Every year, we get peppered with questions from young readers asking if we have ever interviewed Santa Claus. Well of course we have! Whenever the Star needs a good source on, say, reindeer behavior or toy maintenance, he’s the first person we call. And most of the time, he’s just as jolly as can be to speak with the media.
That’s the only way to describe news this week that a real-life monster recently walked among us. On Monday the FBI announced Israel Keyes — who police believe killed Anchorage’s Samantha Koenig, 18, in February — was likely a serial killer. The FBI also said it had recovered caches containing “weapons and other items used to dispose of bodies” that Keyes hid in Eagle River and New York for use in future crimes.
Gov. Sean Parnell is asking, on behalf of Alaskans, a full review and disclosure of the facts surrounding the possible relocation of the 18th Aggressor Squadron from Eielson Air Force Base to Joint Base Elmendorf-Richardson.
Last week, I was blessed with the opportunity to speak at a Spartan Brigade redeployment ceremony for the second time in my career. I was the brigade commander and brought them home from a tough deployment to Iraq in 2006 and now could not have been prouder to welcome them home from Afghanistan as their commanding general.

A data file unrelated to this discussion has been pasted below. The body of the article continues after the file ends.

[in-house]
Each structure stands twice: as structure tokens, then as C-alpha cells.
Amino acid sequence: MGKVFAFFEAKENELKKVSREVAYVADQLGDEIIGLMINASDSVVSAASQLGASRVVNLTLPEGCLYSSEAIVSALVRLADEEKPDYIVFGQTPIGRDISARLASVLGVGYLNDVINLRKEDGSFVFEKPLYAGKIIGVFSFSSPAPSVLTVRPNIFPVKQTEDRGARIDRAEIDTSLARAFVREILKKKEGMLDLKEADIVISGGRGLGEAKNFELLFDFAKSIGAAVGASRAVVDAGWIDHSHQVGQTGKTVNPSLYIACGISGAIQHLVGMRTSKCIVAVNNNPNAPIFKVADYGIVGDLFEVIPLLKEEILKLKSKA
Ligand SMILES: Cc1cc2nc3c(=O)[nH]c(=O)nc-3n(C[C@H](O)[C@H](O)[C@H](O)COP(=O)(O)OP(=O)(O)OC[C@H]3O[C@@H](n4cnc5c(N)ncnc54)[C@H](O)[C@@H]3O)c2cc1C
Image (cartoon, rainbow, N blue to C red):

Now that the book’s been written on the 2012 political season, lets hope the legislators heading to Juneau can finally get on the same page.
When the first European settlers arrived in North America more than 500 years ago, they dreamed of living in a place where freedom would be cherished and revered more than anywhere else in the world. When their descendents drafted our Constitution following the American Revolution, they laid out a system of governance in which this idea of freedom above all other things was set into law.
The recent sales trips to Asia by Alaska leaders gave Gov. Sean Parnell and Natural Resources Commissioner Dan Sullivan the chance to showcase the advantages of Alaska natural gas, but that promotional effort won’t be enough to get a pipeline from the North Slope. At some point, the administration must negotiate with the gas owners to create a tax plan. That’s how the state can truly make a difference.
The transportation needs of Chugiak-Eagle River should no longer take a back seat behind Anchorage priorities.
The online system through which people can donate Alaska Permanent Fund dividend funds to charities and nonprofit groups had another successful year, but it has plenty of room for growth.